ScrapHappy June 2021

Apologies for my absence, but for the first time in about 18 months I’ve been away from home. I wish I could tell you it was because I’ve been on a lovely holiday, but in fact I was in Shropshire, caring for my mum after a hip replacement. It was odd to be elsewhere and to begin with there were lots of caring responsibilities, but these declined gradually and I have been able to come home and hand over to Alex, one of my nieces, for a while. Hopefully, all will be well when Alex leaves and mum will be able to cope, but if not I will go back. My change of location and all it entailed seemed to completely drain my creativity, so for the past few weeks I’ve only managed some knitting and a tiny bit of crochet. My return home and the incentive of ScrapHappy has, however, encouraged me to think about making again.

Wanting a quick project to get me started, I had a rummage through my fabric scraps to see if there was any inspiration to be had. I pulled out a few woven cotton scraps, but they did not speak to me, and then I came across a bit of jersey with some funky squirrels, just asking to be used for something. Each squirrel is just the right size for a greeting card, so I thought that I would experiment. To make sure the fabric didn’t stretch too much, I attached it to a scrap from an old sheet, stitching along some of the lines in the design. Next I made a frame from an old square of handmade paper and machine stitched the squirrel panel onto this before trimming off the excess. I then stitched the whole thing onto card and glued a tiny leaf motif from the squirrel fabric over the knot inside to finish it off.

I could have done a better job with the stitching and next time I’ll use some thin wadding or felt to achieve a quilted effect, but overall I’m rather pleased with how it’s turned out… plus it is good to make something original and feel that my creative juices are flowing again.

-oOo-

I’ve been inspired to write this (and future) ScrapHappy posts by Kate,  Tall Tales from Chiconia. On the fifteenth of every month lots of folk s often publish a ScrapHappy post, do check them out:

KateGun, EvaSue, Lynn, Lynda, Birthe, Turid, Susan, Cathy, Tracy, Jill, Claire, Jan (me), Moira, Sandra, Chris, Alys, Kerry, Claire, Jean, Jon, HayleyDawn, Gwen, Bekki, Sue L, Sunny, Kjerstin, Vera, Nanette, Ann, Dawn 2 , Bear, Carol, Noreen, Preeti and Edith

If you fancy joining, contact Kate and she’ll add you to the list. It would be lovely to see more non-sewing posts, but any use of scraps is welcome.

ScrapHappy May 2021

For a while now I’ve been pondering what to do with my expanding heap of fabric scraps. I don’t feel particularly excited about quilting, you can only use so many small bits of fabric on greetings cards and there’s only a limited number of things that I want to stuff, so the pieces have been building up. However, I have been toying with the idea of a rag rug and so a few weeks ago I did a bit of research into my options and decided to take the plunge. My initial thought was a hooked rug made using a latch-hook, but then I came across an old-fashioned spring tool and immediately decided that this was something I’d like to try. I also came across a simple gauge for cutting the strips and this seemed like something that would make the job much easier, so I placed an order with Ragged Life.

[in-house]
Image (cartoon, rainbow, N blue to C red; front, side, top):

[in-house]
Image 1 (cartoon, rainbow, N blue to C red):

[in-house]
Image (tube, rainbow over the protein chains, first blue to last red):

There are lots of ideas on the internet for designs, but I wanted something truly scraphappy, which meant it would have to be random. This being the case, I cut out lots of strips and got started. It’s not going to be a quick make, so it will certainly be appearing in scraphappy posts for some time to come. I’m not quite sure how much fabric it will use up, but it’s already quite heavy and I’ve only done half a dozen rows. The hessian base started off about 1m x 75cm, but it will end up smaller than this as the rags draw the threads up and together. The best thing is that I can use any fabric in this project – I’m just cutting thinner strips of heavier fabric.

-oOo-

I’ve been inspired to write this (and future) ScrapHappy posts by Kate,  Tall Tales from Chiconia. On the fifteenth of every month lots of folks often publish a ScrapHappy post, do check them out:

KateGun, EvaSue, Lynn, Lynda, Birthe, Turid, Susan, Cathy, Tracy, Jill, Claire, Jan (me), Moira, Sandra, Chris, Alys, Kerry, Claire, Jean, Jon, HayleyDawn, Gwen, Bekki, Sue L, Sunny, Kjerstin, Vera, Nanette, Ann, Dawn 2 , Bear, Carol, Noreen, Preeti and Edith

If you fancy joining, contact Kate and she’ll add you to the list. It would be lovely to see more non-sewing posts, but any use of scraps is welcome.

Stepping up to the plate

I’m pleased to report that after allowing my elbow to rest for a while, I was able to resume the knitting that had caused so much pain. When I put it to one side, it looked like this:

Temporarily abandoned

After a couple of weeks, I decided that, being pain-free, I would pick up my needles again. To begin with I just worked a round or two each day, but as I didn’t have any recurrence of the pain, I built up the amount I did every day and soon I’d finished my hat. It’s a very long time since I’ve done any Fair Isle knitting, so I’m quite pleased with the result. Possibly the most fun thing about this project is that you have to block it using a dinner plate, to get it nice and round!

Possibly the least fun thing was that there were about a million ends to weave in!

ScrapHappy April 2021

It’s a year since I made my first face masks (featured in the April 2020 ScrapHappy post), and over the months we’ve learned lots about wearing them and how they could be improved. So, we have progressed from shaped ones, to pleated ones with nose wires and finally to a combined version – pleated with a curved top and wire to assist with wearing them with glasses. They are a great ScrapHappy make since they don’t require a lot of fabric. Our latest ones co-ordinate with various garments I’ve made over recent months and the inner is some lovely soft cotton from a pillowcase that had started to disintegrate, but which still had lots of salvageable material. As always, I use iron-on interfacing to provide a third layer giving extra filtering capacity. This latest lot were supervised by Daisy and Mr Snail agree to model his co-ordinated ensemble as long as he could shamelessly show off one of the books he’s written and which just happens to match the outfit!.